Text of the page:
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The Story of Vyasadeva's Visions
Five thousand years ago was a time when many wise and powerful sages traversed the area of India and the Himalayan Mountains. They would engage in potent spiritual practices that could give them mystic powers and abilities. One such great and powerful sage was Vyasadeva. So great was he that by the mental power of his concentrated meditations he could enter the spiritual state of consciousness known as labdhopashanti. In this state of being there are no effects from devastating time, which control even the superior celestial beings and demigods who live in the higher levels of existence. Nor is there any effect from false ego, the material nature, nor the material modes of goodness, passion, and ignorance, which create the appearance of past, present, and future. Vyasadeva was completely beyond all material inclinations and influences. In this state of consciousness, Vyasadeva could perceive the workings of every portion of the material cosmic creation, and all events in time, both past or future. He could see how the universe had been created and how it expanded, and the process by which the innumerable living beings were placed into various species of life that became scattered throughout the universe. He could see the future changes of society, the degradation of civilization, and the coming changes in the physical stature and mental ability of human beings. He could also see the planetary cataclysms; even the universal annihilation when this whole material creation would be no more. He could see all of this, and he was greatly disturbed.
One morning as the sun rose over the mountains in Shamyaprasa, in the Badarikashrama area of the Himalayas, Vyasadeva sat alone on the western bank of the Sarasvati River. He could see that as the present age of Kali-yuga progressed, people would become more and more interested in temporary material pleasures and pursuits, and more forgetful of their spiritual identity. He could see that the duration of life would be reduced and such materialistic people would be impatient, greedy, lustful, unfortunate, and always disturbed. Also, Vyasadeva could see that in the future the earth would no longer produce sufficient food grains, cows would not give as much milk, and fruits and vegetables would be fewer and less nourishing. This would cause lower standards of health, intelligence, memory, duration of life, and moral principles. People would resort to lower and lower methods to survive, squeezing whatever pleasure they could out of their lives. Diseases previously unknown would appear, creating incurable epidemics. Vyasadeva also saw that spiritual practices meant for the true advancement of human society would be given up. Gradually spiritual knowledge and the mode of goodness would be lost. This would cause people to become more corrupt, dishonest, and hypocritical. To help prevent this rapid decay in civilization, Vyasadeva compiled the first spiritual texts, known as the Vedas. He expanded them into the Upanishads, Vedanta Sutras, the Puranas, the Mahabharata, and so forth, and, with the help of his disciples, he handed them down to the rest of society. (This is more elaborately explained in the second volume of this series, The Universal Path to Enlightenment, so we will not explain it fully here.) In this way, he compiled various levels of spiritual understanding so even the less intelligent people in this age could study and assimilate this knowledge. Even after compiling so many texts, Vyasadeva was still not satisfied in his heart, and he questioned his dissatisfaction.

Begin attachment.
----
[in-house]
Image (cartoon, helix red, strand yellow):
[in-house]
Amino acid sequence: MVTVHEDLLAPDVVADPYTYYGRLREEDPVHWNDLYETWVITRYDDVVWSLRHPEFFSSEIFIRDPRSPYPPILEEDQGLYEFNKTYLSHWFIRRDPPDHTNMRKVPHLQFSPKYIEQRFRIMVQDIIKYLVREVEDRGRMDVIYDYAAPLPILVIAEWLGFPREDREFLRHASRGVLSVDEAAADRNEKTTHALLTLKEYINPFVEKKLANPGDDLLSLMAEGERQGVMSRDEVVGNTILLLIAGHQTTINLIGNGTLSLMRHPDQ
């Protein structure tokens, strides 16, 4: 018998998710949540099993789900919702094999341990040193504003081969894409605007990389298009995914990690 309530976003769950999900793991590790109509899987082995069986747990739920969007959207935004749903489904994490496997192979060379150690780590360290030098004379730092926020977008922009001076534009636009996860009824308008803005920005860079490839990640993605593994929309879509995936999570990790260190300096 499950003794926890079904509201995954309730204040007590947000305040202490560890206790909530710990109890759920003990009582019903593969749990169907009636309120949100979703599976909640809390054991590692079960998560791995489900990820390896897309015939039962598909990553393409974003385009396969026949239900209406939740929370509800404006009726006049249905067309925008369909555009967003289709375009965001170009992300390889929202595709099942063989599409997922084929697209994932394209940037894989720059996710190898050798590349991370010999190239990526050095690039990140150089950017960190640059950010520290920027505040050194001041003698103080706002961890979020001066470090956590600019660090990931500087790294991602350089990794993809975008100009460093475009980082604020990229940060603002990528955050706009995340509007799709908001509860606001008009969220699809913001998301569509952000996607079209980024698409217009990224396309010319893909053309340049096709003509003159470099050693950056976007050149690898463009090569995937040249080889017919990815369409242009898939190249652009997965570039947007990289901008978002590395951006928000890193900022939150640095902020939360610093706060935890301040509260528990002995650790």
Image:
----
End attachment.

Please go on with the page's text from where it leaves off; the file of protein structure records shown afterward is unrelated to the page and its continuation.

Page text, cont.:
As Vyasadeva was contemplating this problem one morning, Narada Muni, the sage among the gods, appeared before him. Narada, acting as Vyasadeva's spiritual master, instructed him to write one more book that would elaborate on the most important and confidential knowledge of our spiritual identity and the qualities, characteristics, and pastimes of the Supreme Being, Sri Krishna, explaining how to reach the highest levels of spiritual realizations. After being instructed by Narada Muni, Vyasadeva sat and fixed his mind in bhakti-yoga and saw the Absolute Truth and, thus, wrote the Srimad-Bhagavatam for the good of all people. In this way, Vyasadeva wrote his own commentary on all of his previous writings. Furthermore, because of his focus on the Absolute Truth without any material motivations, and because Vyasadeva also is an empowered incarnation of God, the Srimad-Bhagavatam is considered the literary incarnation of God that can deliver from ignorance all who approach it. Vyasadeva also recited the Srimad-Bhagavatam to his son, Shukadeva, who later spoke it to the great Emperor Pariksit at a huge gathering of sages. Within the ancient text of the Srimad-Bhagavatam and many other Puranas are numerous prophecies regarding the future of this world. Just as Vyasadeva and Shukadeva presented it for the good of all, similarly we are now using it, along with many other portions of Vedic literature, to explain the many ways our world will change as time unfolds into the future.